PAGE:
ARLINGTON, Texas – Errol Spence Jr. took a few rounds to find his rhythm and range after a long layoff. In the end, he had another championship belt.
Spence became a three-belt welterweight champion by defending his WBC and IBF titles in a unification bout in front of a home crowd, when his fight against Yordenis Ugás was stopped in the 10th round Saturday night because of the WBA champ's right eye that was almost completely swollen shut.
“I think when the fight first started, I was kind of impatient,” Spence said. “Later rounds, when I started setting my shots up, and placing my shots and picking my shots, and not throwing it hard, but letting them go, I was catching him a lot and working him down. I felt him breaking down, because he wasn’t throwing like he usual does.”
The fight was scheduled for 12 rounds, but 1:44 into the 10th, referee Laurence Cole sent Ugás to a corner to have his eye checked out by a ringside doctor for the second time. Unlike two rounds earlier, when the fight was allowed to continue, it was stopped this time despite protests by Ugás.
Spence, fighting for the first time in more than 16 months, improved to 28-0. His 22nd knockout marked the first time in his last four fights the 32-year-old southpaw didn’t have to go the distance.
Ugás, the 35-year-old Cuban who dropped to 27-5, left the stadium in an ambulance and was being taken to a local hospital.
“I kept punching, and I thought the ref was going to stop it a lot earlier,” Spence said.
Cole had initially sent Ugás to the corner with just under a minute left in the eighth round, when the doctor spent an extended time checking the fighter's peripheral vision before the fight resumed.
Now it appears there could be a fight between Spence and undefeated WBO champion Terence Crawford to crown an undisputed champion in the 147-pound division. Spence had said leading up to the fight that was he was aiming for that, and repeated that afterward.
“I’ve been saying it this whole week,” Spence said. “One belt to get.”
Soon after the fight, Crawford tweeted congratulations to Spence, writing “great fight now the real fight happens. No more talk no more side of the street let’s go!!!!”
Crawford (38-0, 29 knockouts) last fought in November, a 10th-round TKO of former champion Shawn Porter when defending the WBO title for the fifth time since claiming it nearly four years ago.
Canelo Álvarez last November became the first undisputed four-belt 168-pound super middleweight champion when he stopped Caleb Plant in the 11th round. The Mexican pound for pound superstar added the IBF title to his own WBC, WBA and WBO belts.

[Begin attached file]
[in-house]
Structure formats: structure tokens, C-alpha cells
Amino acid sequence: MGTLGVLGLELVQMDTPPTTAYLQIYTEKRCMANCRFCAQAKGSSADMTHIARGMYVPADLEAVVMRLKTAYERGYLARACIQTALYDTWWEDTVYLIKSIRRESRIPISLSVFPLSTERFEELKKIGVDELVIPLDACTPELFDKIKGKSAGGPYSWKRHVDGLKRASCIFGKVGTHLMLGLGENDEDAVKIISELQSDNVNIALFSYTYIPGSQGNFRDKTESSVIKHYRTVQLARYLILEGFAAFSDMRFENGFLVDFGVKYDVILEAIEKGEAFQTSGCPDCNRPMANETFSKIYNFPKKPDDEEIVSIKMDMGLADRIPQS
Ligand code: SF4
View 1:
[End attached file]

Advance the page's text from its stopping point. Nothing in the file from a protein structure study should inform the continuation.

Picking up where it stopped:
In the sixth, Ugás delivered a blow that sent Spence’s mouthpiece flying onto to the mat. Before the hometown favorite could gather himself, Ugás delivered a left-right combo to the head that sent Spence stumbling toward the ropes, though he didn’t fall down.
A few seconds later, Cole paused the round, picked up the mouthpiece and sent Spence to his corner to put it back in.
“I’ve got to get a new mouthpiece. ... It's not molded to my mouth. Got to bite down real hard for it to stay in my mouth. That's my fault, a rookie mistake,” Spence said. “Rookie mistake, too, looking off and looking for my mouthpiece, and then I get punched liked three times. That was my fault, too. Have to protect yourself at all times.”
While Ugás stared Spence down at the end of the sixth, like he had already done several times, Spence and the crowd of 39,946 at AT&T Stadium were energized. Spence started pounding Ugás with body blows and shots to the face in the seventh.
Spence hadn't fought since a 12-round unanimous decision over Danny Garcia in in December 2020. That was also at the home of the NFL’s Dallas Cowboys.
It was Spence’s sixth defense of the IBF title he has held since May 2017. But it was only the second fight for the southpaw known as “The Truth,” and second defense of the WBC title he won with a split decision over Porter in September 2019.
A month after beating Porter in 2019, Spence flipped his Ferrari while speeding on a Dallas street in the early morning hours. Spence was ejected, but didn’t sustain any broken bones or fractures and was treated for facial lacerations.
Spence got the go-ahead for training again after doctors told him he had no bleeding on his brain. He returned to the ring with a unanimous 12-round decision over Garcia.
But there was another setback when he was preparing for a bout against eight-division world champion Manny Pacquiao last August. Spence suffered a torn retina while training, and Ugás replaced him in that bout on 11 days’ notice — and won a 12-round unanimous decision over Pacquiao.
That was the fourth win in a row for Ugás since a loss in a WBC title fight against Porter in March 2019, about 6 1/2 months before Spence won that belt.
Ugás had much more time to prepare to Spence, but lost for only the second time in 14 fights since his back-to-back losses in 2014.
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